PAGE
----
Q&A with Ritu Sharma, Co-Founder and President of Women Thrive Worldwide

Ritu Sharma is co-founder and president of the U.S.- based nonprofit Women Thrive Worldwide  and has been a leading voice on global women’s issues for more than 20 years. She is author of the recently released book, Teach a Woman to Fish: Overcoming Poverty Around the Globe. It was my pleasure to have the opportunity to talk to her about the book and her thoughts on how we can further promote female empowerment and secure a more equitable world.

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 What was the impetus for writing Teach a Woman to Fish?

Ritu: This book comes at a seminal moment for women and girls. In a lot of places, people —and  policymakers especially—are beginning to have tough conversations about how the world really  treats women and girls. The violence and injustices have been going on for millennia, but we have   reached a tipping point where women and our male allies are not going to stand for it anymore.

What I wanted to do by writing this book was highlight the women and girls around the globe – and   there are around 829 million of them – who are in deep, excruciating poverty, but are overcoming it every day.

These are women who are scraping by on little more than US $1 a day. And yet, they are finding     ways to break through the barriers, and to break free of their circumstances to give themselves and their families better lives.

Is poverty the singular global issue that should top our list of priorities?

I’d say yes, and so would a lot of other people. The reality is that poverty is at the root of just about every ill the world has. Poverty is at the crux of many conflicts, gender-based violence, disease, environmental distress, and so much more.

Poverty also creates the perfect fertile ground for terrorist groups like Boko Haram, which has kidnapped hundreds of women and children in the last few months in Nigeria.

Some will certainly say that—from a national security standpoint—Britain and the U.S. should be more focused on places such as Syria than taking on a global issue like poverty. But from my viewpoint, global poverty is a national security issue just as much as it’s an economic issue and a moral one. The poorest countries today are the Afghanistans of tomorrow.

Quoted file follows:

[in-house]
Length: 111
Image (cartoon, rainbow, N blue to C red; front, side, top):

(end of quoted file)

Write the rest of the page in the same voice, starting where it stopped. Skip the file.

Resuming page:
Empowering women is at the heart of this effort because women not only disproportionately experience poverty, but also because women invest what little they have directly back into their families and communities.

As the old saying goes, “Give a man a fish and he eats for a day. Teach a man to fish and he eats for a lifetime.” Well, when you teach a woman to fish, everyone eats for a lifetime.

It is a big task, can it be done?

It’s an enormous undertaking. But in so many parts of the world poverty is about powerlessness, it’s not a permanent condition we should just live with. One important way that we can all help end poverty is to add our power to the mix.

That means calling your elected officials and urging that foreign policy prioritize programs for women and girls. Or, as another example, using the power of the purse and only shopping at stores that source their products ethically.

At the end of each section in the book, I list four to five things that the reader can do to help women in countries across the globe. The actions are specific and concrete, don’t take much time, and they will make a difference.

If Hillary Clinton decides to run for President, do you think this will help? 

Hillary Clinton did more than any other U.S. Secretary of State to advance women’s rights globally. That’s without a doubt. But what I’ve learned over the years is that when a new leader comes to power, they can—and sometimes do—erase their predecessor’s efforts.

The long-term solution for women and girls has to be about more than who leads at a given point in history. Laws on the books outlive presidents and prime ministers.  That’s why, in the United States right now, we’re fighting for bills like the International Violence Against Women Act. 

But if there’s one take-away from this book, it’s that people have power and worth. The poorest women around the globe are showing their grit each day, and now it’s incumbent on us to stand with them for the long haul.

We know what the solutions are to lift hundreds of millions of people out of poverty in just a generation. We now have to do it.

 Follow Ritu Sharma: @RituThrive

Change the storyline to get nutrition to ‘stick’

Update from Baroness Goudie